Shattered Politics #74: The Aviator (dir by Martin Scorsese)


The_Aviator_Poster

“The way of the future.” — Howard Hughes (Leonardo DiCaprio) in The Aviator (2004)

As I recently rewatched the 2004 best picture nominee, The Aviator, I realized that, in the film’s scheme of things, Ava Gardner was far more important than Katharine Hepburn.  (Or, perhaps it would be more appropriate to say that Kate Beckinsale’s Ava Gardner was far more important than Cate Blanchett’s Katharine Hepburn.)

Over the course of the film, both Hepburn and Gardner are involved with billionaire-turned aviator-turned film director Howard Hughes (Leonardo DiCaprio).  Throughout the film, Katherine is portrayed as being flighty, pretentious, and overdramatic.  There’s a lot of dark humor to the scene where Katherine breaks up with Howard, largely because Katharine is incapable of not acting as if she’s making a film.  Her every word is so carefully rehearsed that you have to agree when Howard says that she’s incapable of not giving a performance.  Ava, on the other hand, is always direct.  She has a sense of humor.  She has no trouble telling Howard off.  Whereas Katharine put on airs of being an incurable romantic, Ava tells Howard flat out that she doesn’t love him and is only using him to forward her career.

But, while Katharine Hepburn gets more screen time, it’s Ava Gardner who actually saves Howard’s business.  Towards the end of the film, after Howard has had a nervous breakdown and has locked himself in a hotel room, it’s Ava who suddenly shows up, cleans him, and dresses him.  She’s the one who gives Howard the strength to leave his room and to face down the corrupt senator (Alan Alda) who is investigating his business.

Of course, Howard Hughes is best known for once being the world’s richest recluse.  In the 1960s, Howard locked himself away in a hotel room in Las Vegas and spent the next decade laying naked in bed and watching television.  The Aviator doesn’t deal with this period of Howard’s life but it’s full of scenes where we catch glimpses of Howard’s future.  Throughout the film, we watch as Howard obsessively washes his hands.  We watch as he gives precise instructions on how even the simplest of tasks are to be accomplished.  We watch as he grows increasingly paranoid about the germ-filled outside world.  The film suggests that Howard’s obsessive compulsive disorder both served to make him a great engineer and a great filmmaker while, at the same time, ultimately destroying him.

The Aviator was the second film that DiCaprio made with Scorsese.  And, as bad as DiCaprio may have been in Gangs of New York, he’s absolutely brilliant in The Aviator.  As a character, Howard Hughes has so many quirks and tics that it would have been easy for DiCaprio to go overboard.  Instead, he gives a surprisingly subtle performance.  And, even more importantly as far as I’m concerned, he actually sounds authentically Texan when he speaks.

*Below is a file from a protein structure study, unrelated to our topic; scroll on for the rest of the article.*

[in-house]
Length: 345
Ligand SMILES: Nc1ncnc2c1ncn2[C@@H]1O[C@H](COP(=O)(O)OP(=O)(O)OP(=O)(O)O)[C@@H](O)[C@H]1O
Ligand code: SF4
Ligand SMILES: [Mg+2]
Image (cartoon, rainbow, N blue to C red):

In many ways, much of The Aviator reminds me of Gangs of New York.  Both films are gorgeously produced period epics that try to cover a lot of material.  Both films are absolute cat nip for history nerds like me.  But, whereas Gangs of New York leaves one feeling vaguely dissatisfied, The Aviator actually improves with subsequent viewings.  Whereas the action in Gangs had no center, The Aviator revolves around Howard and the actor playing him.

While the Aviator starts off with Howard making movies and romancing Katharine Hepburn, it’s at its best when Howard appears before a committee chaired by Sen. Owen Brewster (Alan Alda) and passionately defends both himself as an engineer and a businessman and the right of innovators everywhere to freely pursue their passion.  The film suggests that Brewster was bribed by Howard’s main business rival, Juan Trippe (Alec Baldwin, in unapologetic villain mode), and it’s hard not to applaud when Howard stands up for himself.

Speaking of which, it’s odd, so soon after reviewing Alan Alda in The Seduction of Joe Tynan, to see Alda playing a far less ethical politician in The Aviator.  That said, Alda’s corrupt performance in The Aviator is a hundred times better than his cutesy work in Joe Tynan.  If anything, Alda gives a performance here that will remind everyone of why they don’t care much for their congressman.

The Aviator was nominated for best picture but it lost to the far more low-key Million Dollar Baby.  Scorsese would have to wait until the release of The Departed for one of his films to finally win best picture.

3 responses to “Shattered Politics #74: The Aviator (dir by Martin Scorsese)

  1. Pingback: Shattered Politics #94: Persecuted (dir by Daniel Lusko) | Through the Shattered Lens

  2. Pingback: Embracing the Melodrama Part II #28: The Carpetbaggers (dir by Edward Dmytryk) | Through the Shattered Lens

  3. Pingback: Film Review: The Basketball Diaries (dir by Scott Kalvert) | Through the Shattered Lens

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